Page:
The WHO has been working to try to ensure the fair distribution of vaccines and drugs that can prevent and treat monkeypox. Those vaccines and treatments are in limited supply and countries in Europe and the Americas have been trying to purchase more of them.

In the past, monkeypox infections seen outside the countries where the virus is endemic have typically been imported cases or have involved limited household transmission. This is the first time the virus has started circulating more widely in other countries.

Gregg Gonsalves, an associate professor of epidemiology at Yale School of Public Health, disagreed with WHO’s decision, which he called a “punt.” He said he felt that the criteria had been met and that a PHEIC declaration could have pushed public health authorities to step up their response and coordinate better across countries.

Gonsalves served as an adviser to the emergency committee, but did not have a say in whether to recommend a PHEIC be declared.

“An expanding outbreak of this disease is not good for anyone,” he said, noting that African public health officials have been saying for years that monkeypox needs more global attention. “Right now, we are not on top of our game with monkeypox, at least in the United States,” he added, pointing to the patchy surveillance system and limited vaccine deployment.

Monkeypox infections can lead to painful lesions and rashes, including vesicles forming on the palms. Some of the cases in the current outbreak have been mild and diverged from textbook cases of the infection, with people having just a few genital or anal lesions instead of broader rashes. Many of the cases in the current outbreak have been comparatively mild, though some patients have been hospitalized for pain management as the infection runs its course.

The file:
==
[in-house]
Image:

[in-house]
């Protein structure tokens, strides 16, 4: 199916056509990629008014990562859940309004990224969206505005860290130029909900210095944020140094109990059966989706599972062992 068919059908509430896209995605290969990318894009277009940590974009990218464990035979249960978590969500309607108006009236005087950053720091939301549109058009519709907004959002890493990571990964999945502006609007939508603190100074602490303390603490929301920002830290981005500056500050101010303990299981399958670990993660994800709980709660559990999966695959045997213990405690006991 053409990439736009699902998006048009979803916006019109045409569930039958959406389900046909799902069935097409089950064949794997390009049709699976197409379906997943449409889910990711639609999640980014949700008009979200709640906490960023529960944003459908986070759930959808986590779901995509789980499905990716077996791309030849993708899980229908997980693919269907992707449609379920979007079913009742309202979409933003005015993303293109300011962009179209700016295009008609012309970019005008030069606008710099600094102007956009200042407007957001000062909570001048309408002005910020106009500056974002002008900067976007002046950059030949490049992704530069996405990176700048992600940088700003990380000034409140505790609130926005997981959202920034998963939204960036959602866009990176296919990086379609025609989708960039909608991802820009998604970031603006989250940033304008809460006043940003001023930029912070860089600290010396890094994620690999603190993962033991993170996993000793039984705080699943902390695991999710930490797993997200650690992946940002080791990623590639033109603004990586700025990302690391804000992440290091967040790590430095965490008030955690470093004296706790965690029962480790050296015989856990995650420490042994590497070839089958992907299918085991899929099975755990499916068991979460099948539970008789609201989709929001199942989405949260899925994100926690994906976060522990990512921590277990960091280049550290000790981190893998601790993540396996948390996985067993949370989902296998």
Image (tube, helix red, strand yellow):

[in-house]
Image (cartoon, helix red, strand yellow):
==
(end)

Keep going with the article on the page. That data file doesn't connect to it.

The virus is spread through close contact, mainly through respiratory droplets or direct exposure to lesions or to contaminated clothing or linens.

Some countries have begun vaccinating contacts of people with infections, and some have recently expanded eligibility criteria, with health officials in the United Kingdom, parts of Canada, and New York City offering vaccines for broader groups of men who have sex with men.

Though documented case counts have recently surged, genetic analyses suggest that the virus could have been circulating among people at low levels for several years before taking off.

In the current outbreak, the United States has reported 200 monkeypox cases, though public health experts are concerned that number doesn’t reflect the true breadth of the virus’s spread. Germany has identified more than 675 cases, Portugal more than 300, and the United Kingdom more than 900.

South Africa on Thursday also reported a case in a person who had no recent travel history.

Separately, the United States announced Wednesday it had started shipping monkeypox tests to five commercial laboratory companies to expand testing. The nation’s raw testing capacity wasn’t the key issue, but clinicians and advocates had reported the process to get a test — which involved contacting local health departments and a two-step testing regimen — was too complicated and made it difficult for individuals to find clinics willing to provide tests.

The PHEIC designation was created in an update to the International Health Regulations following the 2002-2003 SARS outbreak. The regulations, which are agreed to by WHO member states, are designed to help the world respond to public health threats while avoiding “unnecessary interference with international traffic and trade,” according to the WHO.

The first PHEIC was declared for the 2009 H1N1 flu pandemic, and others have included Ebola outbreaks and the Zika epidemic. The two active PHEICs are for Covid-19 and the continued transmission of polio.